National Park Service

Public Input Sought on Federal Plan to Regulate Air Tours Over Bay Area's National Parks

Under the new plan, only a certain amount of tours would be allowed over parks such as Golden Gate National Recreation Area, Muir Woods National Monument and others

National Park Service via Bay City News

Point Reyes and Drakes Bay from Sky Campground with forested ridges in the foreground and the Pacific Ocean in the distance on January 3, 2012 in Marin County, Calif. (National Park Service (NPS) via Bay City News)

Officials with both the National Park Service and the Federal Aviation Administration on Friday announced they're asking for the public's feedback on a plan to manage air tours over the Bay Area's national parks.

The Air Tour Management Plan would place set regulations for low-flying air tours over national parks throughout the nation.

Under the local plan, 2,548 air tours per year would be allowed over places like Golden Gate National Recreation Area, Muir Woods National Monument, San Francisco Maritime National Historical Park, and Point Reyes National Seashore. In addition, the plan would prohibit helicopter tours over Point Reyes National Seashore and also ban all commercial air tours over Muir Woods, FAA and NPS officials said.

Residents can comment feedback on the plan at the project's website at https://parkplanning.nps.gov/bayareaatmp. In addition, residents can attend a virtual public meeting on the matter later this month, on Oct. 26 from 4:30 p.m. to 6 p.m. at https://www.youtube.com/watch?v=vVlOC2ovidA.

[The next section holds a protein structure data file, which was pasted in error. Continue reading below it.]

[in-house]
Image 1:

"We encourage anyone who is interested in air tours over the parks to share their thoughts on the proposed plan," National Park Service Communications Director Charles Strickfaden said in a statement. "The draft plan is based on current operations and reported air tour levels at the four Bay Area federal parks. Its purpose is to ensure that park resource values, including natural sounds, wilderness character, visitor experiences, wildlife, and other natural and cultural resources, are protected."

The plan is scheduled to be finished with the plan by Aug. 2022, in accordance with a 2020 ruling by the U.S. Court of Appeals in a lawsuit brought on by environmental groups that alleged the FAA and NPS failed to implement air tour management plans for national parks in Hawaii.

As part of the ruling, the FAA and NPS must produce a plan to bring 24 national parks in compliance with the Air Tour Management Act of 2000, which requires that vendors of commercial air tours that fly over national parks and tribal lands must obtain a permit from the FAA.

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